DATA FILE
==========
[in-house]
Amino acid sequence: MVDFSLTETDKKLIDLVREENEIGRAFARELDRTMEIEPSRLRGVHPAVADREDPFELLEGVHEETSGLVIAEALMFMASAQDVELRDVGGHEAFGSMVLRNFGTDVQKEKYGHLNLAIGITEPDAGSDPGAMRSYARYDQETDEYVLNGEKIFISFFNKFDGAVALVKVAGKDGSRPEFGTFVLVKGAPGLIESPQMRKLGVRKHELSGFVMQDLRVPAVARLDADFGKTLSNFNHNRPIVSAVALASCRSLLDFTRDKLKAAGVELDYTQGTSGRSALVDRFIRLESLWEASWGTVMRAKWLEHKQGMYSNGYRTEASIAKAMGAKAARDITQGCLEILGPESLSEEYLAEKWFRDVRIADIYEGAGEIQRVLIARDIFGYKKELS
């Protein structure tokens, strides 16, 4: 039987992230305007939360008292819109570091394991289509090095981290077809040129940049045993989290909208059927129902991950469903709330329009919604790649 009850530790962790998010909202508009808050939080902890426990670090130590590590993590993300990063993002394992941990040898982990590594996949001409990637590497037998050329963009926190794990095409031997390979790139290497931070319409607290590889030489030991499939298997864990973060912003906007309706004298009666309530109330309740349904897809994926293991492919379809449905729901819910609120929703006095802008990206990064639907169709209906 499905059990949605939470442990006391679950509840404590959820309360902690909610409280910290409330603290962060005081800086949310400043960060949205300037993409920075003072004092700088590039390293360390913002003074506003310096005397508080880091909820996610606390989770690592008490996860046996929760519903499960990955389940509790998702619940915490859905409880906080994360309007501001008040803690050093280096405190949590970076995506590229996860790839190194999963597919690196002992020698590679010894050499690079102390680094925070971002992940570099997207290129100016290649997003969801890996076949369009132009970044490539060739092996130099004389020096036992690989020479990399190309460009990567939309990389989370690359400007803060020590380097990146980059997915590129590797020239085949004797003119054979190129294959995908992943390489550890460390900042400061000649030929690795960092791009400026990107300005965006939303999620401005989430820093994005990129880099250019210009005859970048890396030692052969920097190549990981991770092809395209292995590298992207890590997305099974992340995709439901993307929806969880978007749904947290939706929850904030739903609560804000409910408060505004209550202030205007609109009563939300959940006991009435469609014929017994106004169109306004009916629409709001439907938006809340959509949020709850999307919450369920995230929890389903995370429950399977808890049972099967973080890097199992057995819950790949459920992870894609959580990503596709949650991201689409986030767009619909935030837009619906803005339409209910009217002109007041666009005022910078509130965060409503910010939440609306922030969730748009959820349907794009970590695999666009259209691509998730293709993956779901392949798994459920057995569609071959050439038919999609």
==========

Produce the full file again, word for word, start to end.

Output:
[in-house]
Amino acid sequence: MVDFSLTETDKKLIDLVREENEIGRAFARELDRTMEIEPSRLRGVHPAVADREDPFELLEGVHEETSGLVIAEALMFMASAQDVELRDVGGHEAFGSMVLRNFGTDVQKEKYGHLNLAIGITEPDAGSDPGAMRSYARYDQETDEYVLNGEKIFISFFNKFDGAVALVKVAGKDGSRPEFGTFVLVKGAPGLIESPQMRKLGVRKHELSGFVMQDLRVPAVARLDADFGKTLSNFNHNRPIVSAVALASCRSLLDFTRDKLKAAGVELDYTQGTSGRSALVDRFIRLESLWEASWGTVMRAKWLEHKQGMYSNGYRTEASIAKAMGAKAARDITQGCLEILGPESLSEEYLAEKWFRDVRIADIYEGAGEIQRVLIARDIFGYKKELS
């Protein structure tokens, strides 16, 4: 039987992230305007939360008292819109570091394991289509090095981290077809040129940049045993989290909208059927129902991950469903709330329009919604790649 009850530790962790998010909202508009808050939080902890426990670090130590590590993590993300990063993002394992941990040898982990590594996949001409990637590497037998050329963009926190794990095409031997390979790139290497931070319409607290590889030489030991499939298997864990973060912003906007309706004298009666309530109330309740349904897809994926293991492919379809449905729901819910609120929703006095802008990206990064639907169709209906 499905059990949605939470442990006391679950509840404590959820309360902690909610409280910290409330603290962060005081800086949310400043960060949205300037993409920075003072004092700088590039390293360390913002003074506003310096005397508080880091909820996610606390989770690592008490996860046996929760519903499960990955389940509790998702619940915490859905409880906080994360309007501001008040803690050093280096405190949590970076995506590229996860790839190194999963597919690196002992020698590679010894050499690079102390680094925070971002992940570099997207290129100016290649997003969801890996076949369009132009970044490539060739092996130099004389020096036992690989020479990399190309460009990567939309990389989370690359400007803060020590380097990146980059997915590129590797020239085949004797003119054979190129294959995908992943390489550890460390900042400061000649030929690795960092791009400026990107300005965006939303999620401005989430820093994005990129880099250019210009005859970048890396030692052969920097190549990981991770092809395209292995590298992207890590997305099974992340995709439901993307929806969880978007749904947290939706929850904030739903609560804000409910408060505004209550202030205007609109009563939300959940006991009435469609014929017994106004169109306004009916629409709001439907938006809340959509949020709850999307919450369920995230929890389903995370429950399977808890049972099967973080890097199992057995819950790949459920992870894609959580990503596709949650991201689409986030767009619909935030837009619906803005339409209910009217002109007041666009005022910078509130965060409503910010939440609306922030969730748009959820349907794009970590695999666009259209691509998730293709993956779901392949798994459920057995569609071959050439038919999609």